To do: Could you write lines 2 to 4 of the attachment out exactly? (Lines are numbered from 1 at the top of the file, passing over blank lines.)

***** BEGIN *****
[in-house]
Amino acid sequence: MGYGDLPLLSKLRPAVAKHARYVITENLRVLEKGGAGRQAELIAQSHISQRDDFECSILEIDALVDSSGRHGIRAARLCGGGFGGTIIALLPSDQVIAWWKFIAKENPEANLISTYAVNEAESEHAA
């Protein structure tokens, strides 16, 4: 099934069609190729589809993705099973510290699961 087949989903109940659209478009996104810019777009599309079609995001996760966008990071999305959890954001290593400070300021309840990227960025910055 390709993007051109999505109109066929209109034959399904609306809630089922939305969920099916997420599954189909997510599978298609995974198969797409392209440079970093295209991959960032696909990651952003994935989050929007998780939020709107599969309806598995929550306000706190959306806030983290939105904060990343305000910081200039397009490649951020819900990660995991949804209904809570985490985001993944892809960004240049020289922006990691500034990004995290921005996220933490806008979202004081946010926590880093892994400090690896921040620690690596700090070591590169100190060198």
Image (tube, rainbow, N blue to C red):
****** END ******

Amino acid sequence: MGYGDLPLLSKLRPAVAKHARYVITENLRVLEKGGAGRQAELIAQSHISQRDDFECSILEIDALVDSSGRHGIRAARLCGGGFGGTIIALLPSDQVIAWWKFIAKENPEANLISTYAVNEAESEHAA
């Protein structure tokens, strides 16, 4: 099934069609190729589809993705099973510290699961 087949989903109940659209478009996104810019777009599309079609995001996760966008990071999305959890954001290593400070300021309840990227960025910055 390709993007051109999505109109066929209109034959399904609306809630089922939305969920099916997420599954189909997510599978298609995974198969797409392209440079970093295209991959960032696909990651952003994935989050929007998780939020709107599969309806598995929550306000706190959306806030983290939105904060990343305000910081200039397009490649951020819900990660995991949804209904809570985490985001993944892809960004240049020289922006990691500034990004995290921005996220933490806008979202004081946010926590880093892994400090690896921040620690690596700090070591590169100190060198």
Image (tube, rainbow, N blue to C red):